Thanksgiving Day is just around the corner. There will be tables loaded with all kinds of delicious food. Many of us will probably eat more rich foods than we should. Afterward, perhaps we can go Black Friday shopping. Small wonder that we are such thankful people. Wait, what? Are we really? Do you feel thankful? If so, what are you thankful for?

Many Americans seem to be living under the delusion that acquiring more things is going to make them happy. Of course, we can console ourselves that it’s not entirely our fault, when those tricky ad people spend millions of dollars to make us believe that particular lie. Why do we want to acquire more things to make us happy if those things repeatedly fail to make us happy?

What if I told you that all the things that you possess don’t really help to make you more thankful? Why is it, that as well-to-do Americans we more often than not have the attitude that “just a little more” is how much it would take to make us happy?

    By nature, we are never satisfied with what we have.

Do you have a house?

“Yes, but my neighbor has a nicer one.”

Do you enjoy good health?

“Yes, but I wish I was as good looking and attractive as he is.”

And the list could go on creatively and infinitely. Sadly, we must face the selfishness of our nature.

Our first impulse is not gratitude, but greed.

God created Adam and Eve and placed them in the middle of paradise. He gave them every good thing they needed and could possibly dream of. Yet they chose to disobey and listen instead to the seductive voice that told them they needed something more to be really happy. They chose to leave everything good for that uncertain thing that might bring them happiness.

Let’s take a look at an interesting little passage from Philippians 4. The Apostle Paul is winding down his letter, when in verse 6 he says,

“do not be anxious about anything, but in everything by prayer and supplication with thanksgiving let your requests be made known to God” (emphasis added). From a consumer’s standpoint, that sentence makes no sense. How can we be thankful when we are making requests? Making requests means that I have unmet needs. Strangely, Paul seems unconcerned about whether those needs will be met.

    Later in the same passage, he says:

Not that I am speaking of being in need, for I have learned in whatever situation I am to be content. I know how to be brought low, and I know how to abound. In any and every circumstance, I have learned the secret of facing plenty and hunger, abundance and need. I can do all things through him who strengthens me.” (Phil. 4:11-13, emphasis added)

What is Paul saying here? Paul, of all people, knew that his circumstances and life situation could change in an instant. More importantly though, he knew he would always have something to be thankful for. His contentment was found in Jesus Christ. Not his status as a lead apostle, not his heritage. No matter what happened, Christ could not be taken from him.

But I scarcely need to tell you that it’s good to be thankful. Most people, including those who don’t believe in any deity, agree with that. If you’re like me though, you often fall short of practicing thankfulness in your everyday life. We need to be reminded of  things we can do that encourage us to give thanks.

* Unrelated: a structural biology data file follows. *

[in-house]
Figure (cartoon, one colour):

Cultivate awareness of what God has done for me.

God sacrificed the most precious gift, Jesus, to give life to humanity. When I realize what all God has gone through to pursue me, I am thankful. I can be nothing else. When I recognize my own depravity and how I have repeatedly spit in his face (even while claiming to serve him) I am humbled and grateful that he does not cast me out forever. This really is central to being Christ followers. If we don’t find gratitude in our hearts, we don’t understand salvation. Strong statement? Yes, but I think it’s true. Find ways to remind yourself every day of this truth. Sing it, pray it, write poetry about it.

Recognize that thankfulness is not dependent on any of your possessions, social position, or abilities.

I can be thankful without any of those things, which are oh-so-nice to have. As long as our identity is in Christ, we have reason to be thankful. When Christ is everything to us, these other things may seem like added blessings, but they will seem small compared to the blessing of God’s love.

Reach out to those who have less to be thankful for than you do.

These people fall into two basic groups: Those who don’t know the gift of God’s salvation and those who do know him, but are in some way less fortunate than you. I don’t think I need to tell you which of these groups has less to be thankful for. Keep that in mind as you try to prioritize your time and effort.

It would be nice if I could tell you that I’m perfect and all my actions and thoughts reflect this undistorted view of reality. But I can’t. However, I am grateful that God has given me his love and the opportunity to seek to return that love every day. This Thanksgiving Day, let your heart be filled with Christ, the one “in [whom] we live and move and have our being” (Acts 17:28).

All scripture references ESV

Daniel Daniel Yutzy lives in Huntsville, Arkansas with his wife. For fun, he teaches music at a local church school, conducts choirs or ensembles, and dabbles in finger-style guitar and choral composition. He is as passionate about learning as he is about teaching. He enjoys being with people who know what is important and act accordingly. Alternately, a well written biography, novel, or history will keep him occupied for hours. He loves soft rain and beautiful corners of this marvelous world. God has blessed him beyond necessity.

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